Dear IT Director,
One of my long-term vendors messed up last week, and we are dealing with the fallout. They know my company really well and I don’t want to look for a different vendor.
Angry in Akron

Dear Angry,
I feel your pain. Anyone that uses vendors has dealt with this problem. One of their people makes a mistake that causes extra work for your team. They push a problem into production that impacts your users. They build something that requires rework that blows your budget and schedule. They supply a person who just isn’t up to the normal skill level.

There are a few things we can do when this happens, and, yes, one of those options is finding a new vendor. Let’s walk through them.

One thing we need to keep in mind is the inevitability of this problem. If you use vendors for any length of time, this will happen. It might happen on the first engagement, it might happen on the tenth. If you have used a vendor for years and they never made a mistake, congratulations, you won the vendor lottery.

Generally, I try to treat vendors well. By understanding how they make their profit and the challenges they face, we can understand what is important to them. Having a win/win relationship with vendors works better than being adversaries. The better the relationship with the vendor, the better they respond when something goes wrong.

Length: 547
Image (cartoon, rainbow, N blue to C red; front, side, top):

So what are our options when our vendor screws up?

  1. Shrug our shoulders and move on.
    • A simple example is when we buy software from a vendor, and the relationship is very transactional. If there is a bug or a change that causes us problems, we may not be able to do much about it. Think Microsoft, Adobe, etc. We can report the problem but chances are nothing will happen, at least not immediately.
  2. Find another vendor.
    • This is a big step and often options are limited. If we are buying a commodity (windows computers, report writing consultants, etc.), it may be easier to switch.
  3. Have a conversation about expectations.
    • I find that this is usually the best route. Keep an open line to your account manager. Send an email about the situation, the impact, and how disappointing it is. Be flexible on acceptable fixes, keeping in mind what is important to them. Make sure that they understand the ripple effect on your organization.

How the vendor responds to the mistake is a big driver on how we handle the mistake. If you have a good relationship with a vendor, they will probably work to make things right.

Mistakes happen, what matters is what happens next.

If your vendor makes a sincere effort to fix things and generally has been a good vendor for you, stick with them. If not, well, curating your vendor list is part of the job. Whichever you do, make sure you have your eyes on the big picture.

Good Luck Angry,
The IT Director

Photo by CHUTTERSNAP on Unsplash

questions answers signage
Photo by Pixabay on

If you would like to ask a question, send an email to

Leave a Reply